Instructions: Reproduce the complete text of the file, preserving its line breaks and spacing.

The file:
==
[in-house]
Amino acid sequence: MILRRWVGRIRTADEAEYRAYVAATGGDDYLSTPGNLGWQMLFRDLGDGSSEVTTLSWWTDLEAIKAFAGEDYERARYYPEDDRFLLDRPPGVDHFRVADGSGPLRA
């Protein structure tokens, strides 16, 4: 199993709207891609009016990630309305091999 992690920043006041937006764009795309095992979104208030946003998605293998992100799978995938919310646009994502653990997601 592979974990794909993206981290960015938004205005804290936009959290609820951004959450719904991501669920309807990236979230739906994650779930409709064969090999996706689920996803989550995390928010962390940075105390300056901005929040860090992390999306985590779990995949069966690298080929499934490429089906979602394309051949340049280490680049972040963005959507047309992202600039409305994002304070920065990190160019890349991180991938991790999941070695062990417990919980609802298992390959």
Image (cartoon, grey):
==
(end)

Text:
[in-house]
Amino acid sequence: MILRRWVGRIRTADEAEYRAYVAATGGDDYLSTPGNLGWQMLFRDLGDGSSEVTTLSWWTDLEAIKAFAGEDYERARYYPEDDRFLLDRPPGVDHFRVADGSGPLRA
């Protein structure tokens, strides 16, 4: 199993709207891609009016990630309305091999 992690920043006041937006764009795309095992979104208030946003998605293998992100799978995938919310646009994502653990997601 592979974990794909993206981290960015938004205005804290936009959290609820951004959450719904991501669920309807990236979230739906994650779930409709064969090999996706689920996803989550995390928010962390940075105390300056901005929040860090992390999306985590779990995949069966690298080929499934490429089906979602394309051949340049280490680049972040963005959507047309992202600039409305994002304070920065990190160019890349991180991938991790999941070695062990417990919980609802298992390959």
Image (cartoon, grey):